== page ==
Thousands of lives in California could have been saved with COVID vaccines: study

CALIFORNIA – Thousands of COVID-19 deaths in California – and an estimated 319,000 nationwide – could have been prevented after vaccines became widely available early last year, according to a new analysis from researchers in health.

In California, some 21,730 of the 63,877 deaths from COVID-19, or 709.7 deaths per 1 million people, could have been prevented with vaccine protection, according to the analysis published on the Global Epidemics website of the California. Brown School of Public Health.

A dashboard showing a state-by-state breakdown of preventable deaths related to COVID-19 from January 2021 to last month was released earlier this month as a descendant of the omicron variant becomes the dominant strain of the virus.

Researchers from Brigham and Women’s Hospital, Harvard TH Chan School of Public Health and Microsoft AI for Health also contributed to the analysis.

They say their analysis shows that since vaccines became widely available, one in two deaths from COVID-19 could have been prevented.

COVID-19 has killed more than a million people in the United States since the first deaths were reported in 2020. Daily news reports COVID-19 infections have tripled since April, according to a database maintained by The New York Times, increasing in nearly every US state, but especially in the Northeast and Midwest.

In those areas, the Times reported, case reports are now higher than they were before the surge in delta variants last summer. However, with the availability of home tests whose results do not appear in official counts, the number of people infected with COVID-19 may be underestimated.

On average, more than 300 people die each day, less than the average of 2,600 people who died daily at the height of the omicron surge, according to the Times.

At the height of the pandemic in California, authorities issued safe-at-home orders and indoor mask mandates to help stem rising cases.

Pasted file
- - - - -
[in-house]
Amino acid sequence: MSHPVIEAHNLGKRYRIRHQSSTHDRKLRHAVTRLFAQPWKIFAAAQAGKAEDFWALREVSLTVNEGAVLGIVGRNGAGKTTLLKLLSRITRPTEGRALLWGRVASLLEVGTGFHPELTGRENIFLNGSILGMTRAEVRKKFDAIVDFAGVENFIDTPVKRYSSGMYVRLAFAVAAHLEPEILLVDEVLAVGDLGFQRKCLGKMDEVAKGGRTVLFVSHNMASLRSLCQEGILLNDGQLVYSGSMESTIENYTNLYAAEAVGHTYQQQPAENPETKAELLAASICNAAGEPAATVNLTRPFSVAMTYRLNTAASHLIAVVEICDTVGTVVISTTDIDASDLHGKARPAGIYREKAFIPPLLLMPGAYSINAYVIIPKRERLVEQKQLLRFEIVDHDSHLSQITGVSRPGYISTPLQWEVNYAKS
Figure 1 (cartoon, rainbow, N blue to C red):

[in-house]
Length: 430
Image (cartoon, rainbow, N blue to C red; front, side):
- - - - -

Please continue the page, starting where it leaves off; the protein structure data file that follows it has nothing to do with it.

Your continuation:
Although those orders have been lifted with the advent of vaccines, California faces a possible new wave of the virus as the number of cases rises across the state.


RELATED: California prepares for the latest wave of COVID


In California, about 72.6% of eligible residents are fully vaccinated, according to the Centers for Disease Control and Prevention tracker. If you haven’t received a vaccine or booster, they are available at several locations in California, including doctor’s offices, stand-alone pharmacies, and pharmacies in grocery stores.

All ages 12 and up are eligible for a booster injection, and federal health officials recommend people 50 and older get a second booster shot. A CDC advisory committee was set to meet Thursday to decide whether to recommend boosters for children ages 5 to 11, an age group where vaccine hesitancy is high.

Stefanie Friedhoff, a professor at Brown and one of the authors of the analysis, told National Public Radio on Deployment of the COVID-19 vaccine was both “a remarkable success and a remarkable failure”.

The United States was the first to make vaccines available, Friedhoff said, but “didn’t start education campaigns about the importance of vaccines very early.”

“We dramatically underestimated the investment it would take to educate people about vaccines because, overall, we haven’t had a deadly disease like this, so people have walked away from the significant impact of vaccination,” she told NPR.

Once the vaccines became available, more lives could have been saved in the months since the vaccines became available. States where the most lives could have been saved tended to have high rates of vaccine hesitancy. They are ranked by the number of deaths per 1 million people that could have been prevented with vaccines:

  • West Virginia: 3,350 deaths out of 5,483, or 2,337.6 deaths per 1 million population.
  • Wyoming: 938 deaths out of 1,374, or 2,109.4 deaths per 1 million population.
  • Tennessee: 11,047 deaths out of 1898, or 2,076.7 per 1 million population.
  • Kentucky: 7,154 deaths out of 12,419, or 2,065.0 per 1 million population.
  • Oklahoma: 5,833 deaths out of 11,744, or 1,939.9 per 1 million population.

Places with high vaccine compliance had the fewest preventable deaths. They understand:

  • Washington, DC: 164 of 548 deaths, or 284.6 per 1 million population.
  • Massachusetts: 1,957 deaths out of 7,761, or 353.4 per 1 million population.
  • Puerto Rico: 1,232 deaths out of 2,681, or 470.5 per 1 million inhabitants.
  • Vermont: 287 deaths out of 498, or 562.3 per 1 million inhabitants.
  • Hawaii: 734 deaths out of 1,128, or 657.9 per 1 million inhabitants.

To learn more about the mapping project, visit National Public Radioread the story and listen to the four-minute interview with Stefanie Friedhoff.

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